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INTRODUCTION

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Glycosylation is an important posttranslational protein modification occurring in the cytoplasm, the endoplasmic reticulum, and the Golgi apparatus. A rapidly growing family of genetic diseases is due to defects in protein and lipid glycosylation (congenital disorders of glycosylation [CDG]). Most CDGs are severe, multisystem diseases with prominent neurologic involvement. Nearly 100 CDGs have been identified. This chapter is limited to the protein glycosylation defects (some 80 disorders). Twenty-five CDGs are due to an N-glycosylation defect (Table 158-1). Twenty disorders have been identified in O-glycosylation, including some long-known diseases such as hereditary multiple exostoses (Table 158-2). Thirty-four disorders have a combined N- and O-glycosylation defect, including dolichol metabolism defects (Table 158-3). Important tools in the diagnosis are serum transferrin (Tf) isoelectric focusing (IEF), serum apolipoprotein C-III (apo C-III) isoelectrofocusing, protein-linked glycan analysis, and genetic analysis. In this text, we use the nomenclature introduced in 2009, namely the official gene symbol (not in italics) followed by “-CDG.”

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PROTEIN GLYCOSYLATION

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CDGs are a rapidly growing family of genetic diseases caused by defects in the synthesis of the glycan moiety of glycoconjugates (glycoproteins and glycolipids). There are 2 main types of protein glycosylation: N-glycosylation and O-glycosylation. N-glycosylation (N-glycans attached to an amino group of asparagine of proteins) comprises an assembly part and a processing part and extends over 3 cellular compartments: the cytosol, the endoplasmic reticulum (ER), and the Golgi.

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The assembly part of the N-glycosylation starts on the cytosolic side of the ER, with the transfer of N-acetylglucosamine (GlcNAc) phosphate from UDP-GlcNAc to membrane-bound dolichyl monophosphate (Dol-P), forming GlcNAc-pyrophosphate-dolichol (GlcNAc-PP-Dol). One GlcNAc and 5 mannose (Man) residues are subsequently attached to this lipid-linked monosaccharide in a stepwise manner (Fig. 158-1). The donor of these mannoses is a nucleotide-activated sugar, GDP-Man, which is synthesized from fructose 6-phosphate, an intermediate of the glycolytic pathway (Fig. 158-2). The lipid-linked heptasaccharide Man5GlcNAc2 is translocated by a flippase across the ER membrane and is elongated at the lumenal side by the attachment of 4 mannose residues and subsequently of 3 glucose residues. The 3 mannosyltransferases and 3 glucosyltransferases involved require dolichyl-phosphate-bound monosaccharides (Dol-P-Man and Dol-P-Glc). The completed Glc3Man9GlcNAc2 oligosaccharide is then transferred to selected asparagine residues of the nascent proteins by the oligosaccharyltransferase complex.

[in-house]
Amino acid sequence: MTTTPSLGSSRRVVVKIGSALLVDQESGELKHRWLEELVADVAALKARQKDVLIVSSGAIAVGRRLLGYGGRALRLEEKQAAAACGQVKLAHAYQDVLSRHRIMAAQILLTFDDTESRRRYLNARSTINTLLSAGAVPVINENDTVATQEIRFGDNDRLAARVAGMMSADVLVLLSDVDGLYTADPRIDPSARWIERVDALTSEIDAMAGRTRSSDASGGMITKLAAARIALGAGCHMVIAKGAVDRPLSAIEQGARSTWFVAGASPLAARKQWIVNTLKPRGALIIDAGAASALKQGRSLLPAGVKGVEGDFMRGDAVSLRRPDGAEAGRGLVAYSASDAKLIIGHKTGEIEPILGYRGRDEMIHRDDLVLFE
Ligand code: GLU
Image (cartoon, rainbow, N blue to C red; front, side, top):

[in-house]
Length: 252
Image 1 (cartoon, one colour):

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Figure 158-1

Scheme of the endoplasmic reticulum part of the N-glycosylation pathway (see text for explanation). The black bar beside ALG6 indicates the defect in ALG6-CDG.

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Figure 158-2

Scheme of the synthesis of guanosine diphosphate (GDP)-mannose from fructose 6-phosphate. Vertical red bars indicate defects in PMM2-CDG and in MPI-CDG.

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The processing part of the ...

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